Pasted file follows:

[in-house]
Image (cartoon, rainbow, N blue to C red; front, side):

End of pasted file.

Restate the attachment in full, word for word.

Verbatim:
[in-house]
Image (cartoon, rainbow, N blue to C red; front, side):